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Thread: just curious

  1. #1
    Registered User NJ Balls's Avatar
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    just curious

    How often do you breed your female BP's? and how many times do you breed them before you retire them?

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    BPnet Lifer PghBall's Avatar
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    Re: just curious

    It depends on body condition and weight to be honest. I will give females the year off if they haven't gained back the weight I deem that they would need to breed the next season. Sometimes I will just decide to give them the year off. I personally haven't retired any of my females. My Mojave will be 10 years old this year and has bred the past 3 years in a row without issues or health problems.
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    BPnet Veteran rufretic's Avatar
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    This is an interesting topic. I don't feel I have enough experience to contribute much but I do have a couple females that have not gone annually but instead seem to be on an every other year schedule. Then I have a female that laid a big clutch of 10 for her first time last year and now I believe she is going into her prelay shed so she'll be my first to go 2 years in a row. She is an amazing eater, only took off about a month when she had her clutch last year and then immediately went back on food after laying. She is almost double her weight from last year. So I would say good eating girls could go every year without issues.

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    Registered User Bogertophis's Avatar
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    I can't speak for breeding BPs, but when I had a rosy boa that insisted* on reproducing (long story), she seemed to have no difficulty doing so every year for 5
    out of 6 years before she finally accepted "retirement", & she was an older snake too when she got started. Our pets have a much easier life than wild snakes...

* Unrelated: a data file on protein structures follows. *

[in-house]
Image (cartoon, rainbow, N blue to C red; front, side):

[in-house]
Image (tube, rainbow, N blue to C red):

they have plenty of food & pretty optimal conditions, compared to wild ones, which I suspect may reproduce less frequently...more like every other year. Anyway,
    I would guess that many vigorous females of whatever species can accomplish similar reproduction, but you always want to allow for individual differences too, &
    don't push it.

    (*this was an unwanted & unbred snake I took in from a museum that produced slugs & a live deformed neonate by parthenogenesis the first year I had her, so
    reluctantly I gave her a mate for to avoid those problems in the future. I had never wanted to breed rosy boas in the first place, but at least with a mate, she
    produced nothing but perfectly robust offspring, nearly 50 in all. She also lived for some years beyond all that to a very "ripe old age".)
    Many friends in low places...

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    Telling it like it is! Stewart_Reptiles's Avatar
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    It's up to them not to me that's why being in tune with your animal when breeding and knowing what to look for is important, some will go every year, some with take a break every now and than, some will take a brea every other year.

    As for how long can they produce some females way into their 20 are being bred by those that have animal that old.

    I will likely retire from breeding snakes before my snakes do or are too old to.
    Deborah Stewart

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    Registered User NJ Balls's Avatar
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    Re: just curious

    Reason I asked, I have a female 2,200g that I rescued three years ago.

    She was gravid when I got her which I didn't know at the time.